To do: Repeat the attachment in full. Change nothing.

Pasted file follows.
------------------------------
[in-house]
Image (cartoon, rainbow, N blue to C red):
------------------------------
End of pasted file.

[in-house]
Image (cartoon, rainbow, N blue to C red):